This isn’t really correct. We need to chew food to make it more digestible to the stomach. If we swallowed our food whole in ‘chunks’, the digestive system would struggle. There’s no significant disadvantage to liquid food - we eat soup with no problems, and elderly people or those with some health problems find liquid diets much easier to digest.
There has been some discussion around the need to chew for optimal health and there is some scientific biological basis behind this argument (chewing releases certain enzymes within the saliva, and also signals the brain that you are beginning the digestive process), but it’s not essential (the brain / system is also signalled by taste), but if you’re concerned, Peppersmith do a sugar-free xylitol-only gum which can be chewed immediately after drinking Huel. Also it’s worth noting that Huel isn’t completely ‘liquid’, there’s still plenty for the stomach to break-down once it gets there. The food is just broken-down into very small particles, much as it would be if you chewed really well.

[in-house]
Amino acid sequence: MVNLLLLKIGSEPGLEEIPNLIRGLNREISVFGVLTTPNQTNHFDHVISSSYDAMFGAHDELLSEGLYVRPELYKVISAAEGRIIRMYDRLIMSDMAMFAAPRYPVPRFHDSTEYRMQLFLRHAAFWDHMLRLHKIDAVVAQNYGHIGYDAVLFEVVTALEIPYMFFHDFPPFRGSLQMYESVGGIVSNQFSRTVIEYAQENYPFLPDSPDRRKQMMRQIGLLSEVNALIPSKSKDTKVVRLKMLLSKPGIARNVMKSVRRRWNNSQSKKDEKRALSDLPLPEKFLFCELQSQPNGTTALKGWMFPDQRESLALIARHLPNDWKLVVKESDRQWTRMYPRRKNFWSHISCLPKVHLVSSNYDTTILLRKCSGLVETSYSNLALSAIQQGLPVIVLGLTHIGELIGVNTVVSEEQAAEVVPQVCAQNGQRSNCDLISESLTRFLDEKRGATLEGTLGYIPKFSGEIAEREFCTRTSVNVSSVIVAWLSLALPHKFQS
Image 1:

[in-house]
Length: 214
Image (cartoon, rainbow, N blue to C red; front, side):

The MAIN function of chewing is to make it possible to swallow the food, and to increase the surface area of the food particles (ie make them as small as possible) to enable the stomach enzymes to digest the particles as efficiently as possible. The smaller the particles, the more nutrients can be absorbed. So from a human biology perspective, drinking your food in this way is actually beneficial to the digestive system and improves nutrient absorption.
Again a question for @JamesCollier the expert, but actually you can store uncooked rice and oats for a very long time as long as it’s stored in an airtight container, kept cool, and away from damp.
If you cook it or add water, yes it will go rancid very quickly indeed.